As we get older, all processes in our bodies tend to become slower. This is true even for our cognitive processes. With age, we may start forgetting things as our memory functions decline. We may also find it more difficult to learn new things or focus our attention on more than one thing at a time. Although this is normal, many people may want to avoid or slow down their brain ageing.
Studies on cannabis and its benefits have been ongoing for decades. Preliminary results have shown that cannabis can help with a variety of therapeutic remedies including promoting better sleep, assisting muscle recovery after exercise and even alleviating some allergy symptoms. And a new benefit has been added to the list. The active ingredient Cannabinol (CBN), and other derivatives of the cannabis plant, such as Tetrahydrocannabinol (THC), are indicating that they can protect against the ageing of brain cells. Keep reading to learn more about how these derivatives have shown their potential in preventing oxidative damage to brain cells, which ultimately slows down their ageing process, and assists with mild cognitive impairments.
What is considered normal brain ageing?
The brain generally faces changes as it ages. These normal changes include:
- Mass shrinkage: certain parts of the brain start shrinking with age. These include the hippocampus and the frontal lobe, which are central to learning and storing memories.
- Declining synapses: these form part of the system that controls communication between the neurons in the brain and the neurons in the rest of the body. Age may result in less effective communication as cognitive processing becomes slower.
- A decline in the neurotransmitter systems: the brain uses chemicals to transmit messages to the rest of the body. Researchers believe that the brain generates less of these messenger chemicals and so they diminish over time.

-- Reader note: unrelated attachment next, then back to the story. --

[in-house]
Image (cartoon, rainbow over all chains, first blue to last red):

Decrease in blood flow: the volume of water in our bodies reduces as we age, resulting in a reduction in blood. Because of this, blood flow, and subsequently oxygen, to the brain decreases.
These changes that occur with brain ageing can affect the way we think, our memory and the way we process memories, as well as our learning capabilities.
How does CBN protect brain cells from ageing?
A study conducted by Salk researchers has found that the active ingredient CBN from the cannabis Sativa plant can prevent oxidative damage to cells, as well as preserve the functions of the mitochondria i.e. the generation of chemicals that provide energy for the cell. The researchers studied the cell death patterns, also known as ferroptosis or oxytosis, which are thought to be the cause of conditions like Alzheimer’s. The cell gradually dies due to the loss of an antioxidant called glutathione. Because of glutathione depletion, the lipids, or fats, are oxidised causing neural damage to the cells and they eventually die.